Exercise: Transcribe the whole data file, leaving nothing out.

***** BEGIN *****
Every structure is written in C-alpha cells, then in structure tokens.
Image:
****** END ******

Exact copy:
Every structure is written in C-alpha cells, then in structure tokens.
Image: